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Construction is Not Magic!

by Chicago Agent

By Greg Viti

Greg Viti of Prudential Rubloff

Greg Viti of Prudential Rubloff

Construction is not magic! Then again sometimes the end result does appear that way. A well thought out plan with great execution is the goal. Keeping within a budget is important- however using the right materials that work together well is an art form. We all love quality- we can all sense it and want it.

I started working in construction at 18 years of age. I had not done any construction up till then so I was a perfect mentoree. Having a qualified/inspiring teacher can make all the difference. It just so happened that my first teacher/mentor in construction and woodworking happened to also be my “best friend” from childhood. I think he heard his calling in fifth grade! He showed me many fundamentals that I have used in every construction task I have ever done. Realizing the basics don’t change. When all else fails go back to the fundamentals! What great solid advice.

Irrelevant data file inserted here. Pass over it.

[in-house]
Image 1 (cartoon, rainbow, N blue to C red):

I learned early on to not start a project till you can see it from start to finish in your mind and then on paper. Don’t cut corners. Great work takes some time. Using the right quality materials is essential. When doing the task at hand being present is essential. Accidents can happen when one is not focused and centered. In the end, “it is not the tool but the carpenter” that makes a project a success. Don’t get me wrong the right tool sure helps, but a solid plan using quality materials can make all the difference. Once a project is complete it should give you years of pride because it is fixed right and will not need attention for years to come!

When interviewing builders, tradesmen and architects take time to ask many questions. Get referrals and call them. Go see some of the projects they have accomplished. See how their work has held up. Interview their last clients to see if they showed up and stayed on the project from start to finish. There is nothing worse than a job site that is half done and no one is showing up to complete it.

Include incentives for prompt completion in your contract. Instill in the crew your vision and pride in what is to be accomplished. Pay you crew on time and the price that was agreed. Fair is fair. Good luck with your next project- I am sure if you heed my advice it will make you proud for years to come!

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